Letter to Editor
THE media coverage of the elections in six states this Saturday (Aug 12) has revolved around the battle between Pakatan Harapan (PH)-Barisan Nasional (BN) and Perikatan Nasional (PN). These are the two giant blocs seeking to win the six state governments.
I think such a narrative does not do justice to voters. Yes, it’s true that these two alliances are much more formidable than others taking part in this election. They have big names like Prime Minister (PM) Datuk Seri Anwar Ibrahim, Deputy PM Datuk Seri Ahmad Zahid Hamidi, former premier Tan Sri Muhyiddin Yassin and PAS leader Tan Sri Hadi Awang.
Nonetheless, it’s important to note that the media portrayal shouldn’t be limited to depicting a direct clash between these two factions.
Let’s be honest, these two political alliances have contributed to much of the political fatigue we see today. Their top leaders have been around for 30–40 years and still show no signs of retiring. Worse still, their track record has left much to be desired.
Take PH for example. Before last November’s general election, their leaders were the paragons of virtue and had pledged to speak up for ordinary voters. I was one of those caught up in the electoral fervour and was overwhelmed when Anwar was sworn in as the country’s 10th PM.
However, after a span of nine months since assuming power, we find ourselves with a Deputy PM facing 47 corruption charges and numerous practices reminiscent of past administrations, like suppressing the media, misusing governmental resources and even instances of corruption, persist.
It feels like nothing has changed.
To make things worse, the rakyat (people) is finding it increasingly hard to make ends meet, with the costs of essentials rising by the day. And what of the reforms that PH had promised? Little has been done on this end.
As for PN, there’s little to be said about why many find the grouping undesirable. One can’t help but wonder if some of the leaders still live in caves, given their extremist streaks, especially those from PAS. Just look at Kelantan. After over 30 years under PAS rule, the state still struggles with water supply problems.
But the thing is, this election is bigger than PH-BN and PN. It need not be only about choosing between these two alliances. Lest one forget, MUDA and Parti Sosialis Malaysia (PSM) have entered into an alliance as a “Third Force”.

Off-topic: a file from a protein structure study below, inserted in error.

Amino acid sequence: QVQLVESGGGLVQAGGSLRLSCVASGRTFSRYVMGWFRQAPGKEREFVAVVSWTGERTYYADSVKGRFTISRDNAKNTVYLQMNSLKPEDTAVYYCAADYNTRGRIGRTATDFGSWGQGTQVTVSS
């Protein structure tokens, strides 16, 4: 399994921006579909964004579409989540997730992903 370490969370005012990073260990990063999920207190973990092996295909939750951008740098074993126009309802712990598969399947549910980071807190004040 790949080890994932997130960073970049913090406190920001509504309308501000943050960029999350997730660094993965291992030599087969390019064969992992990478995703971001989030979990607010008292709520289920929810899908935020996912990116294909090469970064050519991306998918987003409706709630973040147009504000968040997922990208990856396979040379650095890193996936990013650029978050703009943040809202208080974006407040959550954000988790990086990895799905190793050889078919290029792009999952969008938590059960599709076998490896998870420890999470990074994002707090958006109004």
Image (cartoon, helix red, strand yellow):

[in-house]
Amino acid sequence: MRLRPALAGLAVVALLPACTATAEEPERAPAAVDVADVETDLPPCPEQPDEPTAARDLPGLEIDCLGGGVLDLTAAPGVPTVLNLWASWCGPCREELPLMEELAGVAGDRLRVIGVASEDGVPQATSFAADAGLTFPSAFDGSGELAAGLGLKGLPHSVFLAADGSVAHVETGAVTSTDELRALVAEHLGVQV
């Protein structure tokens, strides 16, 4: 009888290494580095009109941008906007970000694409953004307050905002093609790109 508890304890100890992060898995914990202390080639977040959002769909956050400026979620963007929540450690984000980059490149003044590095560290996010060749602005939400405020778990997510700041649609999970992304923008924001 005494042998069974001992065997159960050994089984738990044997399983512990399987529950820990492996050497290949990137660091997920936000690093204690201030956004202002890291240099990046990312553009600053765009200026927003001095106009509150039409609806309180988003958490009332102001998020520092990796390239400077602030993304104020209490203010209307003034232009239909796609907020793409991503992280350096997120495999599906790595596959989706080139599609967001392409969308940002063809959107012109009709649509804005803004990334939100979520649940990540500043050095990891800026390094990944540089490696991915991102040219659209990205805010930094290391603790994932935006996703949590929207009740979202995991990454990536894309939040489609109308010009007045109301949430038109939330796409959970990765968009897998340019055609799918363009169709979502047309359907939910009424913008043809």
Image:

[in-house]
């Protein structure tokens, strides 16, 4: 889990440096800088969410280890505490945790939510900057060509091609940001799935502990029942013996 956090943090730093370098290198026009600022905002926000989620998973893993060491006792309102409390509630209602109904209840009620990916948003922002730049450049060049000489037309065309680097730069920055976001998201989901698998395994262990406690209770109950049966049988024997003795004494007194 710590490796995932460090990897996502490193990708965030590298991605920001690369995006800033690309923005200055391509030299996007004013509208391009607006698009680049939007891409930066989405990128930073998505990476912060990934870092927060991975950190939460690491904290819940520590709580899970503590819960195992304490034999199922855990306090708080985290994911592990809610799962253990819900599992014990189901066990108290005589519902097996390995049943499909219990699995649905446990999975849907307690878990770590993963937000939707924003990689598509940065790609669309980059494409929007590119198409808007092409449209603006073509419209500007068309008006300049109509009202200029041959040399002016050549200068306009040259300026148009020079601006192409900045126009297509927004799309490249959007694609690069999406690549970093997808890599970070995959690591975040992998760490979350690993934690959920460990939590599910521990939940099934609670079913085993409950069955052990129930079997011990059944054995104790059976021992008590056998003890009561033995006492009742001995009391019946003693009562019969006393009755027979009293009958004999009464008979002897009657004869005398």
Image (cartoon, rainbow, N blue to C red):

They may be small relative to the two major blocs. But voters are in the business of choosing quality over quantity.
Regardless of opinions, it’s evident that MUDA president Syed Saddiq Syed Abdul Rahman, despite (or perhaps due to) his youth, showcases stronger principles than the opportunists entrenched in positions of authority.
For example, in the littoral combat ship (LCS) issue, he condemned the unity government’s decision to proceed with the controversial project at a higher budget, when people like Anwar had called for it to be scrapped when the latter was in the Opposition.
Before the 15th General Election, it was PH leaders who demanded accountability from Zahid, linking him to the scandal due to his past role as defence minister. However, PH leaders have turned a blind eye to their DPM.
Clearly, parties like MUDA and PSM are more principled than those in Putrajaya, who are easily swayed by expediency, not the welfare of the people. At the end of the day, isn’t running for public office about standing up for the people?
I call on voters in the six states to look beyond the two major blocs. They have had their time and, by all accounts, squandered the trust placed in them by the people.
It is time to lend our support to MUDA and PSM and give them a chance. – Aug 10, 2023
Zulkifli Abdul Majid
The views expressed are solely of the author and do not necessarily reflect those of Focus Malaysia.
Main photo credit: Malaysiakini